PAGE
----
Around seven years ago, two city activists, Shefali Dudhabade and her friend Anasuya Kale Chhabrani, in their bit to contribute to society, began finding ways to wipe out the tonnes of garbage menace being generated all around them in Nagpur.
They decided to put their house in order before looking after the world. The duo launched an NGO, Swacch Association, and were joined by six others in their fight against environmental pollution.
“We started with our homes and housing societies, taking simple steps like containing the food waste within the premises,” says Chhabrani.
Soon, the word spread and more joined the cause. Today, NGO Swacch, having nearly 100 members under its fold, has been holding presentations, demonstrations and campaigns to eradicate use of plastic bags, promote disposal of bio-medical and e-waste, and make leftover food a revenue model.
“Eighty per cent of the garbage generated at homes can be disposed of at source. We installed two tumblers and one compost container in Anasuya’s housing society in Civil Lines.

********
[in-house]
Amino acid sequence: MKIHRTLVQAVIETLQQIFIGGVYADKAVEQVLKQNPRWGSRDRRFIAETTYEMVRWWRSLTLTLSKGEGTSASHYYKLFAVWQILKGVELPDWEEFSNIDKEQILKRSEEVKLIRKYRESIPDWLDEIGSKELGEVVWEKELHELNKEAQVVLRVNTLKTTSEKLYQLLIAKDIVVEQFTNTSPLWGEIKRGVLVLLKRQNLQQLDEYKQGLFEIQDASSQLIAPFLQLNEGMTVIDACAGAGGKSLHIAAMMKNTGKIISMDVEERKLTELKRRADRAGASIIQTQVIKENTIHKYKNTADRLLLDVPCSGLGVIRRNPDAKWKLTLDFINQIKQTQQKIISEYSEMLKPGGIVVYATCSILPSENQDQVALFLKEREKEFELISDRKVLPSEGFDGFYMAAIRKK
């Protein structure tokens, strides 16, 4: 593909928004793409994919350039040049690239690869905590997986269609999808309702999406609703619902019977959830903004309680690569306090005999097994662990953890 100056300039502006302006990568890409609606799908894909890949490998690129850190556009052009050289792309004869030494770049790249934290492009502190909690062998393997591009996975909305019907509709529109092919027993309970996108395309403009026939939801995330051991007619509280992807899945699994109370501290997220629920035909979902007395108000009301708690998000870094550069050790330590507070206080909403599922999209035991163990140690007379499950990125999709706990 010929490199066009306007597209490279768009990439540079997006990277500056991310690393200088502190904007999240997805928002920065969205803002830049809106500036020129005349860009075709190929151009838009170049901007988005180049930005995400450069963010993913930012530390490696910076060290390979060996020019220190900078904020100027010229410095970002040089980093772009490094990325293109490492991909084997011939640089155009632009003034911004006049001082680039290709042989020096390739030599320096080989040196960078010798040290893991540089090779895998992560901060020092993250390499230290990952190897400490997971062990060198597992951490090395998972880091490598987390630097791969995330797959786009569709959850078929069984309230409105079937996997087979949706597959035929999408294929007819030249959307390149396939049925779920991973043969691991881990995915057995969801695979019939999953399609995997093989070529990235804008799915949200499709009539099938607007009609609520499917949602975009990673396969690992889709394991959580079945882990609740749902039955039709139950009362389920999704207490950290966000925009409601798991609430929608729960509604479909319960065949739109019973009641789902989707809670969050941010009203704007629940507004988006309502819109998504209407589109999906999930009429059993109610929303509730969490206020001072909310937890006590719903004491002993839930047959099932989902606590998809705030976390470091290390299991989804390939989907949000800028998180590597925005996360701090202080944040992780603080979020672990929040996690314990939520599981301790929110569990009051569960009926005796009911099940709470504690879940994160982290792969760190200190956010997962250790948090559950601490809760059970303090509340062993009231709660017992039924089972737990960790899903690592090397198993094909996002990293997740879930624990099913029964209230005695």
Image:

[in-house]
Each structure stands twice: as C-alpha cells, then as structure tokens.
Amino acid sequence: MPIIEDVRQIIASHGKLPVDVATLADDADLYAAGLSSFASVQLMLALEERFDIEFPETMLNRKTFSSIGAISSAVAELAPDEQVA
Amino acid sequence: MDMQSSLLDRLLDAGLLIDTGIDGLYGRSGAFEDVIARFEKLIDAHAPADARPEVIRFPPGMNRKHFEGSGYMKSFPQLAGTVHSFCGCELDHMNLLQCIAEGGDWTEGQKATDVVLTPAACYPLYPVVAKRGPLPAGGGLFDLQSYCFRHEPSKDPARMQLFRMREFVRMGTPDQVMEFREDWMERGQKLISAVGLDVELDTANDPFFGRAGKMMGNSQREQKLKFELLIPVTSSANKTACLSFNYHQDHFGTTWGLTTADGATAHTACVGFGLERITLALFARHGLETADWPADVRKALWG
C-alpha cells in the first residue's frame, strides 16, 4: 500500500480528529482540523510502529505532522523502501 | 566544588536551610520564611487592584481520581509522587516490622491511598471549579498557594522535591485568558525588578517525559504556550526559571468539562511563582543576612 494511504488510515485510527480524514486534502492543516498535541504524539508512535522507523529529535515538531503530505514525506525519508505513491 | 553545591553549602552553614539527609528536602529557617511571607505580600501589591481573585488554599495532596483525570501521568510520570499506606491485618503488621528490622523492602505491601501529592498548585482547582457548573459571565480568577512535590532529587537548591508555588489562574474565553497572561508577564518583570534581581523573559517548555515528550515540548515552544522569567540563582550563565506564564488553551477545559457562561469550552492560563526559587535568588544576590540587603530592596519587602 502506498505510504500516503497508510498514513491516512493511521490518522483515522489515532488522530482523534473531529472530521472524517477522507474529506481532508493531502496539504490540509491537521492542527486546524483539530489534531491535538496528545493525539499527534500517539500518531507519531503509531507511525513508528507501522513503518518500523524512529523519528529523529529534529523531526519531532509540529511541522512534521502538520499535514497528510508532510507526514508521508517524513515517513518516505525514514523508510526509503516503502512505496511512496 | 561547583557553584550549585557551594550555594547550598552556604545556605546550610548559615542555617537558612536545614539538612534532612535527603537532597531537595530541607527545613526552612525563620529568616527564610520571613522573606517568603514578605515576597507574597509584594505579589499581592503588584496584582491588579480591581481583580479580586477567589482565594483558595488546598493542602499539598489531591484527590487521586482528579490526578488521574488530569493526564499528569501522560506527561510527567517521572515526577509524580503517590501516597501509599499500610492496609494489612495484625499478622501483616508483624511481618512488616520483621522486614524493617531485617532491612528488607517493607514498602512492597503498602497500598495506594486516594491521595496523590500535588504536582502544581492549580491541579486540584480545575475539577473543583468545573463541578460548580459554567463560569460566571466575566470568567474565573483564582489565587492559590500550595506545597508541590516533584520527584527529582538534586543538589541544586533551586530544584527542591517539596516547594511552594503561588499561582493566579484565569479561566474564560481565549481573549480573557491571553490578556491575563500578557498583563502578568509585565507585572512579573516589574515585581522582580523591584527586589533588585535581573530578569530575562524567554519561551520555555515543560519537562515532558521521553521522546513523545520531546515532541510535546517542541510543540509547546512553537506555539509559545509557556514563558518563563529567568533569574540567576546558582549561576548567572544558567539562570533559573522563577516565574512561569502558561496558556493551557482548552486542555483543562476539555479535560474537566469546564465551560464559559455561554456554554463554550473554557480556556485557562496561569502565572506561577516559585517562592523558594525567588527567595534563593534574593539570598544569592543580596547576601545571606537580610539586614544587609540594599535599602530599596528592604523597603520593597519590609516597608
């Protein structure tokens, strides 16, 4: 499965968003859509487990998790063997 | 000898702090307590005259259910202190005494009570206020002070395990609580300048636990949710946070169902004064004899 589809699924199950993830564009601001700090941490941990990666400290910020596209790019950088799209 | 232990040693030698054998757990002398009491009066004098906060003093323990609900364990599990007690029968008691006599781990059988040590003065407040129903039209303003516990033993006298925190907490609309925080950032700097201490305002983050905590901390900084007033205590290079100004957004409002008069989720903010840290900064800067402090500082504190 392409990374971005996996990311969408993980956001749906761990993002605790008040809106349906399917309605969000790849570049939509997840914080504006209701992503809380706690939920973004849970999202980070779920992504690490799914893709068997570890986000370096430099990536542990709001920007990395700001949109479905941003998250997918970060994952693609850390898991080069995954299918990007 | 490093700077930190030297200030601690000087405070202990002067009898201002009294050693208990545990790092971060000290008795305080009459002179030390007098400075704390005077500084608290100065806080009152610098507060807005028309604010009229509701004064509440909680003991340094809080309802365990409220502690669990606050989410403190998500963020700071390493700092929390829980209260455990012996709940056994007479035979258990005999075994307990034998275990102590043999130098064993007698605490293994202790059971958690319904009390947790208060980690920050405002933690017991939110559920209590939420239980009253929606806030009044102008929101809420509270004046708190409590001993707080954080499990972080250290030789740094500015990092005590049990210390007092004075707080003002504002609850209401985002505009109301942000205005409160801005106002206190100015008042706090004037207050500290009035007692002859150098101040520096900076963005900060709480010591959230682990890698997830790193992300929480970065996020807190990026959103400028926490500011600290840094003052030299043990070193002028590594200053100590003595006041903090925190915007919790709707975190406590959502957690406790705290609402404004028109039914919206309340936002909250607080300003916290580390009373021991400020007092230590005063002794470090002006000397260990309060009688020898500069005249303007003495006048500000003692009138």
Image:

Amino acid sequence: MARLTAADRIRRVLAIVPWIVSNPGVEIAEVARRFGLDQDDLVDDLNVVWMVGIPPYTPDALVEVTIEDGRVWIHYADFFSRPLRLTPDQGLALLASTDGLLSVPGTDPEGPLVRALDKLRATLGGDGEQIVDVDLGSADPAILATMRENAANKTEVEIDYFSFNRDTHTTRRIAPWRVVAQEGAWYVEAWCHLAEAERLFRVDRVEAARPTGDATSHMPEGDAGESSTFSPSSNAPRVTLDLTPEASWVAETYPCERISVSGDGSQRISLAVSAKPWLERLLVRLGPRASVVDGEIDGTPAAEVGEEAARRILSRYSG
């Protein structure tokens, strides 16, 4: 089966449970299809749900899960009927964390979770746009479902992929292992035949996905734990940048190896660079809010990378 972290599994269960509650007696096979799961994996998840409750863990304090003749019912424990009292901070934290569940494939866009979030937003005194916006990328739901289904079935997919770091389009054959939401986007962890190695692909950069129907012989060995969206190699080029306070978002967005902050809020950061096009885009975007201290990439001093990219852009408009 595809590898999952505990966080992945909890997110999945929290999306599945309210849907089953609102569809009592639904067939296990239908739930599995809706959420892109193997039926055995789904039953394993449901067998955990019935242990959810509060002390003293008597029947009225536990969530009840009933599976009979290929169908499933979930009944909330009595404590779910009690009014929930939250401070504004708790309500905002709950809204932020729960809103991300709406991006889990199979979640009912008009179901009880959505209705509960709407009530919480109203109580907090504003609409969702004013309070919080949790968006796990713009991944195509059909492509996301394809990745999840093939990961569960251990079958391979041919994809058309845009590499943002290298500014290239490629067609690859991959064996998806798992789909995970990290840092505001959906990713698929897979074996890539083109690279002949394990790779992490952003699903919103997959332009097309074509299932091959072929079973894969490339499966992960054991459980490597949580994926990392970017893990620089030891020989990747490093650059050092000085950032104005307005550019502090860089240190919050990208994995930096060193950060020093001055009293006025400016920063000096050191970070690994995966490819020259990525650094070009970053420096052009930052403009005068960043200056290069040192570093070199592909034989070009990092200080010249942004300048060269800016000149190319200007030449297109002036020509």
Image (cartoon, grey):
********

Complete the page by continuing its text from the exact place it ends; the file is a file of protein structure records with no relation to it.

No food waste is dumped anymore. It is processed in the bins and can be used as organic fertilizer. Dry leaves are not burned anymore,” Dudhabade says. The NGO aims to minimize load on landfills by sensitizing masses on giving up the habit of dumping waste outside their homes.
Segregation of dry and wet garbage is another challenge that drew the NGO’s attention so they decided to liaison with organizations and entrepreneurs who process plastic and non-biodegradable substances. “This way people get monetary benefits too from waste generated at homes because the scrap dealers may not give the right value for the materials.”
Reference- Times of India, www.nagpurheroes.com